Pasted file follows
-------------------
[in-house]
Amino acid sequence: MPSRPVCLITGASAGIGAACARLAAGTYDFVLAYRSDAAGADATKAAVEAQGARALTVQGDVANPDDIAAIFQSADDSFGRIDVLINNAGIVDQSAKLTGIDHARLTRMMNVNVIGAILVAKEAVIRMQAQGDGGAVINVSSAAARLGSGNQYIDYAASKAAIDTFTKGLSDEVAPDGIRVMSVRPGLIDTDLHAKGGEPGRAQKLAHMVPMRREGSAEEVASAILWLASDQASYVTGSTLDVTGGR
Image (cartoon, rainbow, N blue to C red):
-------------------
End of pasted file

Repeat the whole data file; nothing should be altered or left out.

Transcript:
[in-house]
Amino acid sequence: MPSRPVCLITGASAGIGAACARLAAGTYDFVLAYRSDAAGADATKAAVEAQGARALTVQGDVANPDDIAAIFQSADDSFGRIDVLINNAGIVDQSAKLTGIDHARLTRMMNVNVIGAILVAKEAVIRMQAQGDGGAVINVSSAAARLGSGNQYIDYAASKAAIDTFTKGLSDEVAPDGIRVMSVRPGLIDTDLHAKGGEPGRAQKLAHMVPMRREGSAEEVASAILWLASDQASYVTGSTLDVTGGR
Image (cartoon, rainbow, N blue to C red):